It has been over two years and women doing the same jobs as men are still paid on average 20% less. But half the women are being paid just as well as men. This means the other half of the women are only being paid 60% for the same job. Minority women are paid even less. 40% less. Plus companies pay an additional 20% less for women with children. Like that should matter. So some women have to work for only 1/3 of what the men are getting paid for the same job. This is a crime.

    April 18, 2012 at 5:07 pm | Report abuse |
  3. loopy

    I have been on my job for 7 years this year, in those 7 years I have (as my boss calls it) "accidently" absorbed two other peoples position because they have been fired for one reason or another. Both positions originally held by males, and paid way more than I am currently paid. I have a degree, I work long hours and I take a lot of work home. One of the positions was a base salary with commissions. I have brought in 3 deals and I have been paid 0 in terms of commissions, when I ask about it, the answer from my boss is -thats part of my job.
    I have two sons in college and one more on the way, I need to have medical insurance for us and this is why I keep this job. Two incomes are always better than one, and I could look for another job, but at my age, part of me just wants to stick it out until all my kids graduate from college. Then that will be the day I walk in and say thank you and good bye.

    April 18, 2012 at 1:24 pm | Report abuse |
  4. Bob

    I want equal pay with the still working millionaires. Guess what it is not going to happen. My point now women now that you have equal pay why not bump it up so we all get to take home millions of dollars as our wages?

    April 18, 2012 at 12:37 pm | Report abuse |
  5. crazypete

    I thought this was about Leadbelly. It's not. Very sad.

    April 18, 2012 at 11:39 am | Report abuse |
  6. Josie

    Unequal pay sucks...and makes it hard. Men don't get it because they have the upper hand normally. Women if they are pregnant get leave for a few weeks after they give birth to recover and bond with the child. Men get a few days tops. Even though having the father around would benefit both mother and child. Women typically take their children to the doctor because of the fact that when it comes to illness and giving care, they are better at it. Give a man a job, and don't bother him and it will get done, but it's normally physical labor, hard work and back breaking work. Now don't get me wrong I am all for equal rights, but I am and was raised somewhat traditional. Oh and I love yard work and gardening (hell I get pay paid every summer to do my mom's yard). I just don't get why women can't figure out that they unlike men can chose to stay home and raise their kids or work and have another raise them. The acception to this would be single mothers (including my sister), but even they get jobs where it is ok with them having children.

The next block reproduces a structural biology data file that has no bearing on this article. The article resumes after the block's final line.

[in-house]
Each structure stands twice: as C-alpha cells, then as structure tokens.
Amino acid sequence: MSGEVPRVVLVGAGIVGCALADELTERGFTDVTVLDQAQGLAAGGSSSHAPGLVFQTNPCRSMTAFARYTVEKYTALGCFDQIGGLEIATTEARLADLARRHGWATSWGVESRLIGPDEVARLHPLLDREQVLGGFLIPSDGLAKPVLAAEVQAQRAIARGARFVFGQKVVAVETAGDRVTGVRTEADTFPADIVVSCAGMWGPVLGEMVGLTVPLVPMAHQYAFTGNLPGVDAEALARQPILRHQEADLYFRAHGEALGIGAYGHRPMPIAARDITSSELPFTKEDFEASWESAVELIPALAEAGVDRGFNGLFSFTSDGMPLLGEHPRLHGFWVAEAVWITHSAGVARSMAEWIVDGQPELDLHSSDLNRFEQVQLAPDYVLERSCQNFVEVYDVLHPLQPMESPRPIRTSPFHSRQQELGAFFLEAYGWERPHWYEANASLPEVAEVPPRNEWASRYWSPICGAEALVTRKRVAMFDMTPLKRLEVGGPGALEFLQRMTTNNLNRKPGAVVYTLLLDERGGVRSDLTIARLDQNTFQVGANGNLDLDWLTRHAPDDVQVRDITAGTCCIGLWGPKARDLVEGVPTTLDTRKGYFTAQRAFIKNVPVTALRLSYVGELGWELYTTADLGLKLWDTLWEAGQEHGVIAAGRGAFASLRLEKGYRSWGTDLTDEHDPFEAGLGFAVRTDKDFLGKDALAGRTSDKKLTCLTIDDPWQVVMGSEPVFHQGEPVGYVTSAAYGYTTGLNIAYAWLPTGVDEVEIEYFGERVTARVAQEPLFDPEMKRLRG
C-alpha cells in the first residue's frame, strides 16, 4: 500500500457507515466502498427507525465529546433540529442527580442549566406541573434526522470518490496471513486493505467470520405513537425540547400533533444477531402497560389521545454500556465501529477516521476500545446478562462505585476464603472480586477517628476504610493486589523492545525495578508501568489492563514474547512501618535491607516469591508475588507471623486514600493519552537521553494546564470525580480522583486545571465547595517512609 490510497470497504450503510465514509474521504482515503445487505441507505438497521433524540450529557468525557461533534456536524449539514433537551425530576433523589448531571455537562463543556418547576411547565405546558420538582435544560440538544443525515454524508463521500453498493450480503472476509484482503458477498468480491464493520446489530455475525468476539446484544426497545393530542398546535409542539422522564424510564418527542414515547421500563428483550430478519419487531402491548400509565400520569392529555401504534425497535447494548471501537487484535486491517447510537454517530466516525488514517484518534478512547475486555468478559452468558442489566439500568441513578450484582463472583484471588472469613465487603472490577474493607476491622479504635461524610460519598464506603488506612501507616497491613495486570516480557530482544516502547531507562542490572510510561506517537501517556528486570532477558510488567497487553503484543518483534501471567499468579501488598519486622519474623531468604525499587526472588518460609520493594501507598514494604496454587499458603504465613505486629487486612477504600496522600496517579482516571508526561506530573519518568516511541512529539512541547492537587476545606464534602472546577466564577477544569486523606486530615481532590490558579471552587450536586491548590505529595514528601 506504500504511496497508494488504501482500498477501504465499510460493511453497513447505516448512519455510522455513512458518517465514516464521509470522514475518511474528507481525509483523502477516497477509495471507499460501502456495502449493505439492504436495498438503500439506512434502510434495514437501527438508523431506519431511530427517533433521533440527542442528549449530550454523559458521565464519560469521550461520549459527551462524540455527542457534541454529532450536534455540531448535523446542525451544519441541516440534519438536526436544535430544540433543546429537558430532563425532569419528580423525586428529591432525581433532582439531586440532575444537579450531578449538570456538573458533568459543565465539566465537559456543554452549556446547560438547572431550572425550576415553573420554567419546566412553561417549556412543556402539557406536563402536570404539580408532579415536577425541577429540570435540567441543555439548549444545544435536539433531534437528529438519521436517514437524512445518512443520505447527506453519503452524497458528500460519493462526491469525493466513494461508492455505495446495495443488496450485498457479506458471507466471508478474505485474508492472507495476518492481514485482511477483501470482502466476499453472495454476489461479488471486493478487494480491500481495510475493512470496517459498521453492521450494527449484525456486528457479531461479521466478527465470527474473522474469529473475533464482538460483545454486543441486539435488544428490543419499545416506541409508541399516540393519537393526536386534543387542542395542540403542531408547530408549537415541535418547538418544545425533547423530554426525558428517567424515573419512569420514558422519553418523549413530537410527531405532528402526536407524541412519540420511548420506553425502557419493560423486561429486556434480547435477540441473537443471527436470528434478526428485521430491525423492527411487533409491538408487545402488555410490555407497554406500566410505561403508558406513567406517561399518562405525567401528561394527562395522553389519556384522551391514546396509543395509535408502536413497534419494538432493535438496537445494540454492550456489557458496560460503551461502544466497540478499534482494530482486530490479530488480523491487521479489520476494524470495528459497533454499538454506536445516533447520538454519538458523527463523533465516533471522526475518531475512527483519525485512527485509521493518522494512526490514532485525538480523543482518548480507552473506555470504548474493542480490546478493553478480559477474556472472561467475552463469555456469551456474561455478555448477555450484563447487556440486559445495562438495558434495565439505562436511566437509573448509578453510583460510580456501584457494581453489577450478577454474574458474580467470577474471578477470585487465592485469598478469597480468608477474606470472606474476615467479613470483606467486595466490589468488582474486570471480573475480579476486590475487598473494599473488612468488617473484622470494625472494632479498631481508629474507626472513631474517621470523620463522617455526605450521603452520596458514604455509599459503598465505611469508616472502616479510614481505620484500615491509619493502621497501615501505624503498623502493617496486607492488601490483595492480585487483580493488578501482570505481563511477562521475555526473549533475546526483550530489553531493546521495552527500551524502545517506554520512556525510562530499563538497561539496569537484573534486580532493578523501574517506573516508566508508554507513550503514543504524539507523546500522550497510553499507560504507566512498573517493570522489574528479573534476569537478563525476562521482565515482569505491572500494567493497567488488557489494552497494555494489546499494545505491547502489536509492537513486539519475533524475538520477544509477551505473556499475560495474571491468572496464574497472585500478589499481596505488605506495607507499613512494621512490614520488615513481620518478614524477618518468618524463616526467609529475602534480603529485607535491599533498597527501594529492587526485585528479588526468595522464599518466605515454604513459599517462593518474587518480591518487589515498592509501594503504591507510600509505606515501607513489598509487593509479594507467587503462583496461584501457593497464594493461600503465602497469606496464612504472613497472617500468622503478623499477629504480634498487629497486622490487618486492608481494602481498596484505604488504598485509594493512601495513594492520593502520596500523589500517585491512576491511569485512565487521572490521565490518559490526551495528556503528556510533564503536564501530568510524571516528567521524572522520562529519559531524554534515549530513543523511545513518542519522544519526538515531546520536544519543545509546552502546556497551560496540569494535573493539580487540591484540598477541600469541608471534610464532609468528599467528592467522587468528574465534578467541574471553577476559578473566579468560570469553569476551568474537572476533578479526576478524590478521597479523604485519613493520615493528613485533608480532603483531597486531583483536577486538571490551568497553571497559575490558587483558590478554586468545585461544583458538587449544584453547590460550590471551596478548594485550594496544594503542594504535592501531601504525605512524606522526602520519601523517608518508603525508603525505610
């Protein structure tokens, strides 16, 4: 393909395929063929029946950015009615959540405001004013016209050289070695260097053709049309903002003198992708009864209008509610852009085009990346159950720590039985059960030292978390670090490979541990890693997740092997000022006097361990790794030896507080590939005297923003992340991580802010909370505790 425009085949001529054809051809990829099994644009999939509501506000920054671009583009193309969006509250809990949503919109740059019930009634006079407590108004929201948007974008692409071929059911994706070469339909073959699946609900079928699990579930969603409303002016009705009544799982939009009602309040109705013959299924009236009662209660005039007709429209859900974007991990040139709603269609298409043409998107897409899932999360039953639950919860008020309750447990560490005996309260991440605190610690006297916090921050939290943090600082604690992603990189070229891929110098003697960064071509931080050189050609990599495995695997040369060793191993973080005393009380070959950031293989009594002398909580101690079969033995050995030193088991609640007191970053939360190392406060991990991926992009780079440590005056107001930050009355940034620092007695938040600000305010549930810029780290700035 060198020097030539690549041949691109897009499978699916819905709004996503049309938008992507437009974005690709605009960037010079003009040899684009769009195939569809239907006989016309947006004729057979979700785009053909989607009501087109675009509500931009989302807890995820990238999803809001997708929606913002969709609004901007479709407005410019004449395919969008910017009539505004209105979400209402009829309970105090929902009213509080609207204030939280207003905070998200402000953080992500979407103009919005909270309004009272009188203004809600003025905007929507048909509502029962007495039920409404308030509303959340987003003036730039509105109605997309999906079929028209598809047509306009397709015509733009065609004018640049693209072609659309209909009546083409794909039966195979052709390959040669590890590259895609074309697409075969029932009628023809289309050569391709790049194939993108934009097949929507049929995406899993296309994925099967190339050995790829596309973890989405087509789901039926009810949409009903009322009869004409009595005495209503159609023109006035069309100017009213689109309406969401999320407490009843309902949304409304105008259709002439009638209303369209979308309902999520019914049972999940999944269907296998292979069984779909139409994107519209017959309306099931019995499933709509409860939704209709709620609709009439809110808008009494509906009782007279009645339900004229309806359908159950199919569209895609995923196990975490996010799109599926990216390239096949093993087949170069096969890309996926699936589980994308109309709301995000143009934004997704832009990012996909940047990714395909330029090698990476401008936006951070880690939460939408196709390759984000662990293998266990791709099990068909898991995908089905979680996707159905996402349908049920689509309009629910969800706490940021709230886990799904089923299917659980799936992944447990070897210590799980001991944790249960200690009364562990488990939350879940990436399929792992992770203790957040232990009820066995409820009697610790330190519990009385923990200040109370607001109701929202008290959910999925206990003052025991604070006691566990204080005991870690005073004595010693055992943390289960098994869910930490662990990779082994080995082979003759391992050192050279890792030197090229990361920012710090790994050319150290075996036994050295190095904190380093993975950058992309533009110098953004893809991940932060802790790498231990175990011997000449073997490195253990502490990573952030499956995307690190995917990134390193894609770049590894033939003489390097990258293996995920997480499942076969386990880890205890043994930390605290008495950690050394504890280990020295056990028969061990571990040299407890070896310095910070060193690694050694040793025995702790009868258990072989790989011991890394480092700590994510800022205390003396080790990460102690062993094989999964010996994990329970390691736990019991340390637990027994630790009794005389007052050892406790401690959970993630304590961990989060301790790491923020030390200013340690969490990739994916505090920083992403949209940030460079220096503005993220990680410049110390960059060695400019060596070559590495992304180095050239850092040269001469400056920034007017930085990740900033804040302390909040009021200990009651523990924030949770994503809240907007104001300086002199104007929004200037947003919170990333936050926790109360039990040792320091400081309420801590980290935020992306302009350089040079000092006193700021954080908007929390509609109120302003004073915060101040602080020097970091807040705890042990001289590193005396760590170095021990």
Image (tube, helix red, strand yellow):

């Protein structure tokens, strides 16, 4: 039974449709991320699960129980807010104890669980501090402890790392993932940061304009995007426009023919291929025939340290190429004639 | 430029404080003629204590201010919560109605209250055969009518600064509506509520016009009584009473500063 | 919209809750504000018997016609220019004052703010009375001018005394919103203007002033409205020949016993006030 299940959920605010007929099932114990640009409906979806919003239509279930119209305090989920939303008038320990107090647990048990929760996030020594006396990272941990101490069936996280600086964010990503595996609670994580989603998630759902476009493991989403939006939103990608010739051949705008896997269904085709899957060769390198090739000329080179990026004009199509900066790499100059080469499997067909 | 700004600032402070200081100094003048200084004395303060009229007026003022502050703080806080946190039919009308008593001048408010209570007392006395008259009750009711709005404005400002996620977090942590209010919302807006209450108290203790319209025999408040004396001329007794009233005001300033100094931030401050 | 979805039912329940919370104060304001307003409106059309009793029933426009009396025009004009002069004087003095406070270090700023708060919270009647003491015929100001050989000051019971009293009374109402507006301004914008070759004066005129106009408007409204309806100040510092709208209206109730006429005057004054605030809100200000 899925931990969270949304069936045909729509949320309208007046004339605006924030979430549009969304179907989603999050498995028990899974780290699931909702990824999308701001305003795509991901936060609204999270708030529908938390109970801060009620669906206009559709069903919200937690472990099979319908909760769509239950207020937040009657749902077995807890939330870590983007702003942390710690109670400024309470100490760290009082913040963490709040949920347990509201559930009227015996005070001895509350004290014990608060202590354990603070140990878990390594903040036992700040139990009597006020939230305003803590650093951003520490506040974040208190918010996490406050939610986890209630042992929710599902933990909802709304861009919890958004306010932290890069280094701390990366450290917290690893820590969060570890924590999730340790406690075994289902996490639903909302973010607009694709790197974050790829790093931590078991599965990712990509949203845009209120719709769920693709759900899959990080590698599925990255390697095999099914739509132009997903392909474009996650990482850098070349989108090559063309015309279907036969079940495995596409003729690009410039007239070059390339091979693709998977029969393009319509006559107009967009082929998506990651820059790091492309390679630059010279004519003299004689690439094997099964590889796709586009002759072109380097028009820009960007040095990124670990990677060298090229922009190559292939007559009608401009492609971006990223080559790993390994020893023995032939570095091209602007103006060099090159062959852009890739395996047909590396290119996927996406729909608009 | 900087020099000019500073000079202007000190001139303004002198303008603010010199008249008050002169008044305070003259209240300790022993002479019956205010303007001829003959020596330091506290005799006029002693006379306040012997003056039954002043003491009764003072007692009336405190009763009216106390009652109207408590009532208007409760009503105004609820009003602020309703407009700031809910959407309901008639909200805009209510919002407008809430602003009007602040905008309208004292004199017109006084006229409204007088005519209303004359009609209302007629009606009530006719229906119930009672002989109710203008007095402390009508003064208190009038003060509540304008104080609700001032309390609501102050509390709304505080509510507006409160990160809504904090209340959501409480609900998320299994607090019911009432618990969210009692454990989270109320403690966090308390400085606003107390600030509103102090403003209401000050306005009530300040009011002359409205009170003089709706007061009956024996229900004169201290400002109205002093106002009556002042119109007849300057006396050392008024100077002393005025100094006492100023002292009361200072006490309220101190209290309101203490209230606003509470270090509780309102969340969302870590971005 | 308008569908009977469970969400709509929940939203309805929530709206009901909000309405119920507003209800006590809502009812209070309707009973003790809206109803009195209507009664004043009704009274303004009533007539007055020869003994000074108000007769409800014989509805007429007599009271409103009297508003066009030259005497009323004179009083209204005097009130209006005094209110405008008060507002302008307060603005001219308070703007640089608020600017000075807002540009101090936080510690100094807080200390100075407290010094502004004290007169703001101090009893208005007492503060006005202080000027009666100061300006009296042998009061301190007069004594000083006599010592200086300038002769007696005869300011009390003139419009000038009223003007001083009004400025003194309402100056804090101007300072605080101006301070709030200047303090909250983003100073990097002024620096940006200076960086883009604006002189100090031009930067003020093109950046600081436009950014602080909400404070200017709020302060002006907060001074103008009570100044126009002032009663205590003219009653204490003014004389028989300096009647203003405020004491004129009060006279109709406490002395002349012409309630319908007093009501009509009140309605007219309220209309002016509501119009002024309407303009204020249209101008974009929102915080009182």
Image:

April 17, 2012 at 11:21 pm | Report abuse |
  7. Joe from CT, not Lieberman

    Pay will always be unfair in the private market. Why? Because every company uses a different standard in determining how much they pay for each job. Add to that the amount of money in a pay raise should be determined by performance of the individual during the previous evaluation period, and the value of that employee to the company (i.e. how much do they have to keep paying him or her to keep him or her from leaving for another company). Longevity taken at face value should not matter, as that is merely surviving. However, when initially hiring someone, the pay they receive should be based on the intensity of the work expected of them and the level of experience and qualifications they bring to the table. It should not be based on what gender they are.

    April 17, 2012 at 3:50 pm | Report abuse |
  8. helicohunter

    This country is not only anti-woman, but anti-children as well. Children are considered a burden and non-parents are outraged that their taxes are used to educate other people's children. Newsflash- poorly educated children are more likely to need welfare or commit crimes. Education affects everyone. Likewise, many think that women deserve less pay because they take care of children. What kind of society is this? the vast majority of working moms work just as hard as their male counterparts in addition to having the lion's share of child-rearing responsibilities. Tired of female employees taking time off to bring kids the the doctor? Blame the lazy father for not sharing the burden. Those misogynistic child-haters will later rely on those women and children to take care of them and to lead companies, government, etc.

    April 17, 2012 at 1:48 pm | Report abuse |
    • Joe from CT, not Lieberman

      I have always been amused by older, childless couples who complain about paying school taxes when they get nothing out of it. Whenever I hear that, I always ask them where they think the next generation of Police and Fire Department personnel will come from. That usually shuts them up.

      April 17, 2012 at 3:41 pm | Report abuse |
  9. Kay Summers